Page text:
“A mind that is stretched by a new experience can never go back to its old dimensions” Oliver Wendell Holmes
I felt a menacing uncorked adrenaline as my horse Remington pirouetted under me. He was a bucking bundle of pent-up energy. Turning the reins in a circle, was my only exertion of control over him. Beads of sweat gathered under my helmet as nervousness wrapped around me like a wet rope. I could feel his sculpted muscles straining, as his hooves trampled the grass under us, quivering like a coiled spring. My body hummed with the excitement; senses tuned in to interpret the beating waves of beastly body language pulsing through the saddle.
Beside us, in a relaxed pose, was my endurance riding partner Georgia. Her body was poised athletically as she cruised upon her horse. Her horse pranced high with fixed long smooth strides that spoke of refined horsemanship. His fountain of jet black mane danced in the breeze, as he gleamed spotless in the morning sun, his nostrils flaring. Now and then, he would flare a sneer with his nostrils at his opponent. It drove Remington wild.
Both horses were two worlds apart but yet had perfect timing when riding together even though very different from each other. Remington was a 16 hand Anglo Arab horse with every vice imaginable. He took sharp gigantic trots with an attitude to match. Georgia’s mount was a stunning National Show Horse who looked like Black Beauty, and yet somehow both horses trotted together in perfect synchronicity during their training together.
The Helldiver Endurance race was about to begin. There was a feverish pitch in the air, a mix of sweat and fear, all the horses on high alert. The pause was endless.
Earlier that day, Georgia and I had both been up at the peaceful quiet of 4:00 am in our gumboots. The horses were relaxed and munching on their Timothy hay, nuzzling each other as the best of friends, and we fed them beet pulp, vitamins and electrolytes. Now, I could feel the high octane oozing off Remington, and he was ready to go. I saw my partner was ready, her Boz saddle was equipped with red saddlebags, water bottles and a red bandana.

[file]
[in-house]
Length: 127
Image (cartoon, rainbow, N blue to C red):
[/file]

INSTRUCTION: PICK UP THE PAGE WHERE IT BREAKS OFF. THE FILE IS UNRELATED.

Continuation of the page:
Cinching up my girth, Remington was twisting his neck wildly, not wanting to wait a moment more. After my last safety check, it was time. The breath in my chest was held tight and my fingers were clammy through my leather gloves, the thoughts in my mind frozen in time. I knew once Remington took flight; I was a passenger humbly aboard, and there was nothing but the wind, the reins and the trails ahead. There was no turning back until the end of the race.
That morning I feared being in control of this wild and unpredictable horse, a lightening bolt of power with massive forward motion. I learned valuable lessons from all of our horses, but Remi taught me the most about fear. He was cantering on the spot like a raging dancer, challenging my will, wanting to launch, but I held him back with all my might, afraid. When I relaxed and loosened the reins, and worked with his energy, we both flew in forward motion with ease and in sync. It was a beautiful rhythm to experience.
I symbolize this moment as a metaphor for life. When you hold yourself back in fear, worry and self-doubt, it becomes the pent-up bundled energy of a horse cantering on the spot. Recognize when you hold yourself back and cling to the safety and comfort of certainty, you elude new and exciting adventures in your life. The time is now to loosen your grip on what is holding you back and enjoy coasting toward a new experience with forward moving energy. To step through a door to uncertainty can be a beautiful fusion of fear but also freedom. Take that powerful force within yourself and channel it into relaxing and letting go into flowing forward motion toward your goal.
1) Pick an area of your life you would like to improve upon.
2) Ask yourself this question. What one subtle slight change in your behaviour could you do to change it? It could be very small as though you hardly notice at all. Write it down.
3) Commit and do it. Make sure it is small, reasonable and doable. When you lean into a micro movement, it is moving forward.
4) Measure the action, by making a statement and being specific on what that action looks like; i.e. I walked for 15 minutes at noon.
5) Have a powerful and positive word that inspires you.
I invite you to share with me; what ways have you recently let go of fear and put yourself outside of your comfort zone?